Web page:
Tuesday, April 20, 2010

Al'turn'ative Tuesday

13 pounds (9.98 kg). 

That is how much James Parker's latest RADD front-end has cutout of the stock Suzuki GSXR-1000. (Rationally Advance Design Development)

Imagine you were the chief Engineer of Suzuki performance motorcycles and were required to drop the weight of the flagship GSX-R by nearly 5% while maintaining emission standards, reliability, and MSRP by next year. There is no time or budget for composites or expensive titanium.  The word "Rational" now becomes a key word; but only if you are willing to act on something right in front of you....

The power of performance motorcycle engines has grown exponentially with respect to other areas of motorcycle development. (e.g. a 1993 CBR900RR had 124 hp & weighed 408 lbs; a 2009 BMW 1000RR has 193 hp & weighs 403 lbs. This is a 55% increase in hp, while the weight has only been reduced 1.2%).  These engines now require trick electronics to keep the power within the majority's skill-level.  It can be argued that engineers are not only spending a disproportionate amount of time on an engine's outright power, but now they are spending time on electronics to control this power (it is almost like 'work for the sake of work').  This "culmination of power" over the last 16 years maybe the tipping point that prompts manufacturers to re-evaluate the entire motorcycle in order to improve performance. Engine development should still continue (as evidenced by the new Yamaha R1 cross-plane crankshaft, which, ironically has gained weight).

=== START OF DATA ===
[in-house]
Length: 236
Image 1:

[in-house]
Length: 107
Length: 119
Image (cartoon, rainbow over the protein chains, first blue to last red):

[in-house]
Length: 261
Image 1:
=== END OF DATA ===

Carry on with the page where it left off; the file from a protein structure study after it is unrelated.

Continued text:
Cutting weight has been a goal for decades and Honda finally achieved an impressive figure in 1993, but that benchmark still stands today.*  In addition, current engine performance is already exceeding the operator's ability, so engineers can't just throw another 55% increase in hp over the coming years in order to improve performance.  If we continue to think with traditional design and use telescopic forks, performance improvements will continue at a slow pace, with small incremental improvements, and at higher costs (e.g. Ducati's recent patent for a carbon fiber frame).

The profound weight reduction achieved through the RADD front-end (6% weight loss) just might prompt an OEM to look into alternatives to the telescopic fork.  Is Ducati's cf frame necessary? Do they have to abandon their signature steel trellis construction? Not if they use an alternative to the telescopic fork.  They can cut weight affordably.  I'll bet production costs of designs like Parker's latest RADD front-end can still come in lower than other methods of weight reduction if an OEM continues to use telescopic forks.

Parker's design utilizes the same wheelbase, rake, and trail as the stock bike to allow Suzuki and anyone else to evaluate his design against the status quo tele. design.

Be sure to pick up the April-May 2010 issue of "Ultimate Motorcycling" magazine. It has an article with excellent photography and a welcomed write-up of this design.  The photos enclosed are from that issue.

* understandably, weight reduction can be more difficult than increasing hp, especially with retail reliability requirements; but that only emphasizes re-examining the status quo construction of performance motorcycles.
Related: here & here

Suzuki websites

click all photos to enlarge

note the reduction in frame mass, particularly high on the motorcycle

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